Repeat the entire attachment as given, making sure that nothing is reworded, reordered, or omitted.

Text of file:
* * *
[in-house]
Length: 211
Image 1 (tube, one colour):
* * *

[in-house]
Length: 211
Image 1 (tube, one colour):